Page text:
Only Scottie Upshall has as many as four points over the 1-5-0 run (1-3-4, all of those points coming in his last five games). In fact, this is part of a longer productive run for Upshall, at least by Panther standards. He is 4-5-9 over his last 14 games. Upshall also is one of two Panthers with both a power play goal and a shorthanded goal scored this season. He has an assist over the two games played against the Caps this season.
Brad Boyes is the other Panther with both a power play and a shorthanded goal scored this season, and he is one of three Panthers with two goals over the 1-5-0 run up to the Olympic break (Nick Byugstad and Dmitry Kulikov being the others). He has been streaky. From November 12th through November 27th, a period covering eight games, Boyes was 3-3-6. Then he went cold, going 1-0-1 over his next dozen games. He followed that up with a 3-5-8 scoring line over seven games, then went cold again without a point in his next five contests. Boyes comes into this game 3-1-4 in his last seven games, but he is without a point in his last three. Here is how the teams compare to date, numbers-wise...
1. Florida is special in one respect. They have the worst special teams in the league. They might even be historic in their ineptitude. Going into this game the Panthers rank dead last in power play (9.0 percent) and penalty kill (77.2 percent). That special teams index of 86.2 would be, if the season ended today, the worst such number since the 2004-2005 lockout (Toronto had an 88.6 index in 2009-2010) and is the worst going back at least to the 1997-1998 season. Florida could end the season with the worst power play percentage in at least 40 years. The Tampa Bay Lightning finished the 1997-1998 season at 9.3 percent, and the Washington Capitals did the same in their inaugural season in 1974-1975.
2. To the Panthers, the eight-ball they get behind early in games is not a billiard ball, it is a boulder, at least in terms of their first period play. With 34 goals scored and 56 allowed in the first periods of games, Florida is 29th in the league with a minus-22 goal differential in the first 20 minutes (Buffalo is minus-31).
3. Again, thank heavens for Buffalo. No team has scored first less often than the Panthers (23 times in 58 games), except the Sabres (19 times in 58 games).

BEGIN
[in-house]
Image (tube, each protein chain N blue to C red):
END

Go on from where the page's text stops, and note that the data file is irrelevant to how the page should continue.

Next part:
4. When Florida loses, and they do it often, there is rarely any mystery about it. Of their 36 total losses, regulation and extra time, 16 of them have been by three or more goals. No team has a higher percentage of losses coming by three or more goals. No, not even Buffalo.
5. The sad truth is that the Panthers are a decent possession team, to a point. In 5-on-5 close scenarios the Panthers rank 15th in the league in Fenwick-for percentage and 14th in Corsi-for percentage. But here’s the thing. Only two teams have fewer Corsi and Fenwick events in such situations than the Panthers (St. Louis and Columbus in both instances). Florida just does not spend much time staying “close,” and not in a good way.
1. As the Caps head into their last 23 games, here are their 59-game records in this playoff era:
2013: only 48 games played
It looks like what a balloon with a slow leak sounds like.
2. Only four teams have more second period goals this season than the Caps’ 68 goals. Trouble is, only four teams have allowed more second period goals than the Caps’ 62 goals.
3. Alex Ovechkin has 40 goals in 55 games. At the 55-game mark of his 65-goal season in 2007-2008 he had 46 goals at the 55-game mark. He would need to close with a rush to get close to that personal best; he had 17 goals in his last 17 games that 2007-2008 season.
3. Nicklas Backstrom has gone 15 games without a goal, his second streak of at least 12 games without a goal this season. He has a way to go (not that we hope he gets there) to hit his career longest. He went 21 games without a goal, in 2009-2010 (December 2 - January 18).